"Like most young men, before I got to college, I thought the exemplary fraternity gentleman was Bluto from Animal House," says Sean Quinn, a senior at the University of Florida who is studying political science and public relations.

Quinn, a member of Chi Phi, says his fraternity stresses to new members that "once they join Chi Phi, that they not only represent themselves but something bigger — both Chi Phi at UF and as an organization that has nearly 200 years of history."

Sorority life is not immune from negative portrayal in movies, either. Legally Blonde, The House Bunny and even characters in Disney's G-rated Monsters University have cast sorority girls as ruthless, catty and shallow.

"When I first rushed, I was nervous because the only thing I knew about sororities was how the media portrayed them," says Andrea Kovacs, a member of the Kappa Delta sorority at the University of Florida. "However, once I joined my chapter I realized how different and truly inspiring my chapter and all of the women in it are. Every day my sisters encourage me to continue to do better and succeed."

The cost of going Greek

Another thing to consider in the decision to go Greek is the cost.

"The financial commitments involving a sorority vary depending on the chapter," Kovacs says, and can include dues, room and board if your chapter has a house and a meal plan. In some cases, those costs can be higher than the university's dorm and meal fees.

Most fraternities and sororities, like Kappa Delta, are focused on member's grades and being involved with community service. "Every member is expected to maintain high grades and succeed academically," Kovacs says, as well as participate in philanthropic events throughout the year.

Regardless of a Greek organization's good works, the stereotype of hard partying, wealth and exclusivity is tough to shake.

"As a student who isn't in (a sorority), there are many assumptions to be made about Greek life, and many of them are true," says Leah Smith, a junior who studies communication sciences and disorders at the University of Florida. Her observations of Greek life include "the constant parties, the endless alcohol supply, the loud, obnoxious drunkards leaving the parties," she says.

Although Greek life isn't for her, Smith said, all the people she knows in fraternities and sororities love it and enjoy being a part of a larger community. Yet "a lot of students who aren't a part of Greek life hate Greek life.

"It's kind of like high school all over again, popular versus unpopular."

Other communities

While most Greek life on campus is associated with the Panhellenic Council or Interfraternity Council, there are students who form organizations that deviate from the two councils in order to find something that works for their group dynamic. One organization is Delta Nu Zeta, a service sorority at the University of Florida that has similar traditions as Panhellenic Council affiliates. Mina Radman, a senior who is studying journalism at the University of Florida, is the founder of the Beta Chapter of Delta Nu Zeta at UF.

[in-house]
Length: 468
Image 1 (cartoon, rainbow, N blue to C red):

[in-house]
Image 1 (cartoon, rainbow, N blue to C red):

Radman says she wasn't interested in sororities — "the ones with the big houses and the grand everything" — when she started college, because she knew she could not afford it. "And I knew my parents weren't really thrilled with the idea of it," she says.

At UF, a minority of students go Greek, about 15 percent. "But it's very predominant in that Greeks are very, very involved on campus and it's (all) around you. . . . Even though I got involved in other ways on campus, it seemed as though I was missing out on something," Radman says.

When she learned about the Delta Nu Zeta opportunity, "it just seemed to be the right fit and the right place I needed to be, and so far it's proving to be true."

The sorority participates in at least two service events a week.

Delta Nu Zeta makes sure that the group is affordable for students. "We put a lot of our focus into our service and not so much into socials or anything else," Radman says. "We don't have a house, we don't have a meal plan and the cost is very low. We're very similar in a lot of ways, but we're (an) alternative for girls who don't want to go into the Panhellenic system or don't think they can afford it."

Going Greek is just one of the many decisions you have to make on the road from high school to college. Consider the time you have to devote to joining a Greek organization, what your reasons for joining are and whether they match an organization's values, including grade standards.

Weigh the idea of forging lifelong friendships, which you can do outside of a Greek organization, too, and whether you're comfortable with the chapter's social activities. Like any choice, you'll be fine as long as you make an informed decision.

To Greek or not to Greek: Weighing the choice to join fraternities, sororities 02/19/14 [Last modified: Wednesday, February 19, 2014 6:26pm]